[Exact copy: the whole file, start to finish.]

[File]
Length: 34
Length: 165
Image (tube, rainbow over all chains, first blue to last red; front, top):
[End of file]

Length: 34
Length: 165
Image (tube, rainbow over all chains, first blue to last red; front, top):